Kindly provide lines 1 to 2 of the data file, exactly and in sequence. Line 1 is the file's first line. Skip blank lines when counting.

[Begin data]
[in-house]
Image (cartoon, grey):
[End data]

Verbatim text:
[in-house]
Image (cartoon, grey):